Logos can also be a compilation of clip art which is fine, as long as you know what you are getting and how original it is. Look at the brands in your geographical area and make sure yours doesn’t look similar (same fonts or pieces of art).
Leave the work of producing the logo up to your designer. However, it’s your responsibility to communicate the desired feeling and style. Ideally with your starting pieces to the style guide.
Also, the logo shouldn’t meet your personal preference (an easy trap to fall into) but be relevant to your ideal customer. What I’m saying is don’t take any design personally. Step back and view it 100% through your customer’s eyes.
Typography. What kind of long winded, fancy-pants word is that? Well, the Wikipedia definition reads that “Typography is the art and technique of arranging type to make written language legible, readable, and appealing when displayed.”
So in layman’s terms, it’s picking a font. Why such a fancy word for such a simple and seemingly unimportant task? Because choosing a font, done right, is not as simple nor as trivial as it seems.
Why does it matter? Why should you care? Typography communicates a strong yet subtle message. You may not think the difference between Arial and Georgia, or even Times New Roman and Minion matters, but they do.
By way of example, Arial is seen as simple, but clean and modern. Georgia is a “serif” face, therefore more sophisticated and dignified, but simplified as well for use on computer displays, not appropriate for print purposes.
Times New Roman is an entirely valid font, except it is used by virtually everyone to the point it’s so overdone most designers make a policy to never, EVER use it. Now it has connotations of being plain boring. Minion, on the other hand, is newer, fresher, more professional looking.
Like logos, it’s best to have a professional guide you in pairing the fonts (like wine and dinner) for your business brand. It may be helpful to know that fonts are classified into four groups: San Serif, Serif, script fonts, and display fonts.
Never pick more than one font from the same group. It is rarely a good idea to have two different Serif fonts or two separate Sans-serif fonts on the same page. Use one font for headers, and one for body text.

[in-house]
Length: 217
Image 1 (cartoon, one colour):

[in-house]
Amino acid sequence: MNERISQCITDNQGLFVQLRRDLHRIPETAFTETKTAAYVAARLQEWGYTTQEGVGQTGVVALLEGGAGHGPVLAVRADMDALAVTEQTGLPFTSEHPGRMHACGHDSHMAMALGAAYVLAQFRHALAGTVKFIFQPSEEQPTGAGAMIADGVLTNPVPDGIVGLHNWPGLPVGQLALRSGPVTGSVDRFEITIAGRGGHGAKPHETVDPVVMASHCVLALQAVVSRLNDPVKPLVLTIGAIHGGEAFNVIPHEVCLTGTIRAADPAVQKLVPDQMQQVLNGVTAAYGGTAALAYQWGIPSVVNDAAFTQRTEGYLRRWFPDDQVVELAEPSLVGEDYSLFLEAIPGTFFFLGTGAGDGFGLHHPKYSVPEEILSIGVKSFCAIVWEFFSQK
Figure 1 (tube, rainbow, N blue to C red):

Finally, always come back to your overall style. Be especially careful selecting “display” fonts. They can set a feeling and a style very quickly so use with great restraint. Even simpler fonts like Sans-serif and Serif fonts can evoke certain emotions or communicate a sense about your company’s brand.
It could be argued that “colors” should be the second thing to consider after style. Color is infused into everything you create including the logo and text you write. It’s inescapable. Every color affects what someone thinks and feels. Even as common a color as black.
A good place to get ideas for colors is from the images on your inspiration board. You only need two or three at the most. Here is a fun place to explore the colors associated with the adjectives you’ve created for the brand.
Every color has positive and negative connotations with it, and this varies by culture. If you’re marketing to a culture other than your own, I recommend hiring an expert. However, if not, you can probably get by with a list of the most common associations.
Colors don’t always work with each other. Most people know not to wear certain clothes with others because of clashing colors. Marketing is no different. We could go into all the various methods for picking colors that work well together – analogous, monochromatic, triad, complementary, compound, etc. – but that’s your designer’s job. However, Adobe has a helpful page where you can play around to get some ideas.
Even though design is the foundation of your brand, the words carry the brand message to our conscience mind. Sloppy copy is a weak brand.
A brand’s message is established from the company’s values and mission. It’s voice, the feel of the words comes from the brand’s descriptive adjectives. The level of formality and use of industry terms are the biggest components to its voice.
Brands have a standard set of statements. These are typically the company’s tagline, value and positioning statements. Even the somewhat legally scripted items like satisfaction or money back guarantees apply. These statements should be carefully crafted and then placed in the style guide, so the verbiage remains consistent no matter their use.
Strong brands define specific words they like to use consistently and those they avoid. It considers how people search for them online. Defining the key terms for the business helps make the brand more unique and better targeted to the desired audience.
As you review the current voice of your company’s brand, consider the text on your website, does it match or compliment what you read in the brochure or direct mail piece. How about what’s posted on social media or written on the blog? Does it all feel like the same company and does it support the brand and imagery you’ve redefined so far?
What successes and pitfalls did you experience when you designed your logo? Post your thoughts in the comments box so we can share them with our readers.